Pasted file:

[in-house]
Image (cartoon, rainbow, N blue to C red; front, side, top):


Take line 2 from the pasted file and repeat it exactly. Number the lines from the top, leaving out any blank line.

Image (cartoon, rainbow, N blue to C red; front, side, top):